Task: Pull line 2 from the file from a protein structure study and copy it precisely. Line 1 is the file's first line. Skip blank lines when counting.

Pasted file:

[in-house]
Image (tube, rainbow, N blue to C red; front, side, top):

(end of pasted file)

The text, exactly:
Image (tube, rainbow, N blue to C red; front, side, top):